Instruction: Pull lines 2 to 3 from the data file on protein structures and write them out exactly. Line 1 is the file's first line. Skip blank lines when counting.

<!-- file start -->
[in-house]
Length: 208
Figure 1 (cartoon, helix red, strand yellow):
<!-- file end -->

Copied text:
Length: 208
Figure 1 (cartoon, helix red, strand yellow):